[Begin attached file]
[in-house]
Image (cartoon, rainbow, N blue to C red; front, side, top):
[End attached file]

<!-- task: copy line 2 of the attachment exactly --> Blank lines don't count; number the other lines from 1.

Image (cartoon, rainbow, N blue to C red; front, side, top):